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Others in your life

It can be difficult to tell people you have advanced cancer. There is no easy way to share the diagnosis, but you may find it helps to practise what you are going to say.

How your family and friends react to your diagnosis will vary, and they may not react in the way you expect them to. They may need time to adjust to your diagnosis. They may also have similar fears and anxieties, and need as much information and advice, as you. Sometimes family members may feel more distressed than the person with cancer. This seems to be more common when there is a lack of communication between the person diagnosed with cancer and the people close to them.

You can guide your friends and family on how much you want to talk about the illness and the different issues you want to think about or plan together. Although you may want to protect the people you care about, sharing the news can often bring you closer.

Family and friends as carers

Family and friends may also care for you. They may not see themselves as a carer, rather that they are simply helping out as a natural part of their relationship with you.

Some people willingly accept the extra responsibilities; others may feel pressured out of a sense of duty. Caring for a person with advanced cancer can be  challenging. The demands on your carers may increase as the cancer advances, and they will need support with emotional, practical and physical concerns.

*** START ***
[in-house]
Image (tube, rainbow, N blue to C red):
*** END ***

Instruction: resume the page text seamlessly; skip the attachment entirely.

Download our booklet ‘Caring for Someone with Cancer’

The effect on people close to you

You may sometimes feel that the hardest part about having advanced cancer is the effect it will have on your family and friends.

The emotional support provided by a partner can affect how you cope with the diagnosis. How you talk with your partner about cancer depends partly on how you’ve always communicated. Many relationships can be challenged by a cancer diagnosis. This may be because of several factors, including an uncertain future, financial worries after the diagnosis, and feeling isolated.

Some studies suggest that partners have levels of distress similar to or greater than those of the person with cancer, and as a result partners may feel depressed and anxious. Being open and honest can help you and your partner through any anxieties, sadness and uncertainty, and your relationship may become stronger.

At times, you and your partner may not share each other’s feelings, attitudes or opinions, and this can lead to tension. You may find it difficult if your partner doesn’t want to talk about the diagnosis or your treatment options with you. They may unconsciously distance themselves as a way of coping or protecting you, without meaning to be hurtful.

You could try telling your partner what you need most from them. Many people say that their biggest single need is for a sympathetic listener. Remind your partner that the important thing is not what they say but to be there and to listen. Let them know you are grateful for their support and that you understand it’s tough for them too.

Changes in sexuality and intimacy

We are all sexual beings, and intimacy adds to the quality of our lives. During the initial shock of diagnosis, sex might be the furthest thing from your mind. Over time, you may have questions about how cancer can affect your sexual and intimate life.